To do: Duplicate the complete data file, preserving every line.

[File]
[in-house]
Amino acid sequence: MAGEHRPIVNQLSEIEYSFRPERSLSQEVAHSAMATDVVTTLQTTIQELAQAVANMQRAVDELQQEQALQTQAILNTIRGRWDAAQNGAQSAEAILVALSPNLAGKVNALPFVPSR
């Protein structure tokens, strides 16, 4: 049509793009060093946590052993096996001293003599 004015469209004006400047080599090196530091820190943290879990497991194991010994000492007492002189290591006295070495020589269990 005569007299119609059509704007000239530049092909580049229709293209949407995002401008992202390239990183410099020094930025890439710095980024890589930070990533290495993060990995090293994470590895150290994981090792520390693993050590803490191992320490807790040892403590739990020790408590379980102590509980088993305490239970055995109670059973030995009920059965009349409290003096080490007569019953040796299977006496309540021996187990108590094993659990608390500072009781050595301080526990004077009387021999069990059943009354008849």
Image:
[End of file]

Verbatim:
[in-house]
Amino acid sequence: MAGEHRPIVNQLSEIEYSFRPERSLSQEVAHSAMATDVVTTLQTTIQELAQAVANMQRAVDELQQEQALQTQAILNTIRGRWDAAQNGAQSAEAILVALSPNLAGKVNALPFVPSR
């Protein structure tokens, strides 16, 4: 049509793009060093946590052993096996001293003599 004015469209004006400047080599090196530091820190943290879990497991194991010994000492007492002189290591006295070495020589269990 005569007299119609059509704007000239530049092909580049229709293209949407995002401008992202390239990183410099020094930025890439710095980024890589930070990533290495993060990995090293994470590895150290994981090792520390693993050590803490191992320490807790040892403590739990020790408590379980102590509980088993305490239970055995109670059973030995009920059965009349409290003096080490007569019953040796299977006496309540021996187990108590094993659990608390500072009781050595301080526990004077009387021999069990059943009354008849």
Image: